That the issue of asylum and immigration would continue to preoccupy British politicians and press in 2001 was sadly predictable, given the imminence of a general election, which is expected in May.
Reaction to a Home Office report on 22 January, which provided encouragement for all immigrants, was dwarfed by that to the release of official figures detailing the estimated number of applicants for asylum in the UK in 2000. The latter were published on 25 January, revealing that Britain received nearly 100,000 asylum seekers last year, overtaking Germany to become the top destination in the EU.
Central European claimants fall sharply
The number applying from what The Daily Telegraph and The Times (both 26 January) described as "Eastern Europe" fell sharply in the past year, probably as a result of the tougher measures introduced by the Government in April 2000. Applications from Poland were down by 47 per cent on 1999 levels, and from the Czech Republic by 31 per cent (The Guardian, 26 January).
Yet the issue remains of importance for Central and Eastern Europe since increased immigration and asylum claims are Europe-wide phenomena (indeed, they go far beyond this continent) and colour EU states' attitudes to enlargement of the Union. The region is also the most common route to the EU for those coming from further east; and British Immigration Minister Barbara Roche announced that four immigration liaison officers would be established in Budapest, Zagreb, Vienna and Rome, which are apparently key transit points for asylum claimants and human traffickers (The Times, 26 January).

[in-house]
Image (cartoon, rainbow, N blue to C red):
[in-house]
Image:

Home Office report
The Home Office report, entitled "Migration: An economic and social analysis," was received positively by refugee lobby groups. For example, the National Coalition of Anti-Deportation Campaigns said, "This report does much to debunk the racist hysteria of politicians and the media against asylum seekers and migrants. Overall the report gives a positive picture of the impact of migration into the UK and calls for more migration and better integration."